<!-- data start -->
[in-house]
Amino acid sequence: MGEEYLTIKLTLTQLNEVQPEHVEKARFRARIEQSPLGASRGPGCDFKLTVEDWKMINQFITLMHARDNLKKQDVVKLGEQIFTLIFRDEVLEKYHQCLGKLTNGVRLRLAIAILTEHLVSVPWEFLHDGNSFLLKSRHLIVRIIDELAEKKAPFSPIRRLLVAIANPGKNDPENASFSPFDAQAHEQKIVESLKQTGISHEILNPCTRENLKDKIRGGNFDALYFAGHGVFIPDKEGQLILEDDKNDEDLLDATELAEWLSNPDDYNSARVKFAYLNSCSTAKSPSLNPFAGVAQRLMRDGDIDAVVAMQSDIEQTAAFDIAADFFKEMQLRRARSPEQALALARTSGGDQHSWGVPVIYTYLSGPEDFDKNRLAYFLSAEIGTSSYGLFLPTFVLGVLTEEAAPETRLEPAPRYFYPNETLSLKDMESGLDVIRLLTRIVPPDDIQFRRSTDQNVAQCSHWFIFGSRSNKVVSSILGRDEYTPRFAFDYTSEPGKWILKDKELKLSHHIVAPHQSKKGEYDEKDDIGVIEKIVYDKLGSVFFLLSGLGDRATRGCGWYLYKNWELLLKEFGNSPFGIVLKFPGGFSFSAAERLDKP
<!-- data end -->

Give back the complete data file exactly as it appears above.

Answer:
[in-house]
Amino acid sequence: MGEEYLTIKLTLTQLNEVQPEHVEKARFRARIEQSPLGASRGPGCDFKLTVEDWKMINQFITLMHARDNLKKQDVVKLGEQIFTLIFRDEVLEKYHQCLGKLTNGVRLRLAIAILTEHLVSVPWEFLHDGNSFLLKSRHLIVRIIDELAEKKAPFSPIRRLLVAIANPGKNDPENASFSPFDAQAHEQKIVESLKQTGISHEILNPCTRENLKDKIRGGNFDALYFAGHGVFIPDKEGQLILEDDKNDEDLLDATELAEWLSNPDDYNSARVKFAYLNSCSTAKSPSLNPFAGVAQRLMRDGDIDAVVAMQSDIEQTAAFDIAADFFKEMQLRRARSPEQALALARTSGGDQHSWGVPVIYTYLSGPEDFDKNRLAYFLSAEIGTSSYGLFLPTFVLGVLTEEAAPETRLEPAPRYFYPNETLSLKDMESGLDVIRLLTRIVPPDDIQFRRSTDQNVAQCSHWFIFGSRSNKVVSSILGRDEYTPRFAFDYTSEPGKWILKDKELKLSHHIVAPHQSKKGEYDEKDDIGVIEKIVYDKLGSVFFLLSGLGDRATRGCGWYLYKNWELLLKEFGNSPFGIVLKFPGGFSFSAAERLDKP